Competition No 4138

Set by Leonora Casement

We asked for synthetic poems with at least one line from:
Pam Ayres, Shakespeare, Keats, Gerard Manley Hopkins, Alfred Austin and William McGonagall.

This week's winners

Apologies for the confused instructions as to line length. We considered all. £25 to the winners, with the Tesco vouchers going, in addition, to Alanna Blake.

They called me the hyacinth girl,
I have been but too faithful to thee;
Thank heavens we don't have to kiss
For the Snark was a Boojum, you see.
But must I confess how I liked him,
Will praise him whatever befall?
My conscience gets horribly pricked
When icicles hang by the wall.
I listened with heart fit to break,
Then I went to my pretty rose tree,
As pure as the dewdrops of night
And out of the swing of the sea,
To weigh how much I suffered in your crime,
To lose in grieving all my maiden prime.
Alanna Blake

How do I love thee? Let me count the ways:
Then may I dare to boast how I do love thee:
Beside the lake, beneath the trees,
Above us, the intimate roof of the car
And hand in hand, on the edge of the sand
On the bonnie braes o' the silvery Tay
Thou mastering me,
Upholstered in sultry black leather . . .
Was it a vision, or a waking dream?
It was a dream I had last week.
Leave me a little while alone,
Alone, alone, all, all alone,
Desperate as hell. Ask me something difficult.
Finding a hornet's pulse. Not loving you.
David Silverman

Thou still unravished bride,
“Bear," you said, "my love in mind,"
Out in the frozen countryside,
A little more than kin and less than kind.
Wee, sleekit, cow'rin, timrous beastie, look,
Look up at the skies.
Canst thou draw out Leviathan with an hook?
A night of memories and sighs.
'Twas about seven o'clock at night,
And I would that my tongue could utter,
“Set your affection on things above.
I will nor cease from mental fight."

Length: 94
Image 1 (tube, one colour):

I do like a little bit of butter.
For God's sake hold your tongue and let me love.
Helen Hogan

I had a dream of England, wild and weird,
Enough to make one's blood run cold,
So many vagabonds, so many beggars bold,
So all day long the noise of battle rolled,
The voice of the dead was a living voice to me,
Not to the sensual ear, but more endear'd
Among the mountains by the winter sea,
The gray sea and the long black land
Swept with confused alarms of struggle and flight.
All was completely barren, but for little stumps of wood.
Not, I'll not, carrion comfort, Despair, not feast on thee,
Yet the order of the acts is planned;
Who knows but the world may end tonight,
It is not and it cannot come to good!
Shirley Curran

I will work like a dog, like a horse, like a slave,
But I mustn't be downhearted
When idea from fact is departed
From cradle run to grave,
Warm-laid grave of a womb-life grey,
Because to weep for the dead, it is a sin.
And how should I begin?
Oh ye, who have your eye-balls vexed and tired -
Look you, I'll go pray -
To work my mind, when body's work's expired;
And work's our dearest friend
(Turning the toils of labour into sport,
Our sweetest songs are those that tell of saddest thought,
Waiting for the end, boys, waiting for the end).
Bill Greenwell

The next challenge

No 4141 Set by Gavin Ross

Publishers have revised some of the language of Enid Blyton to make it more comprehensible to today's readers. Can we have the same done to famous literary passages of your choice?

Max 125 words by 26 August
comp@newstatesman.co.uk

This article first appeared in the 16 August 2010 issue of the New Statesman, The war against science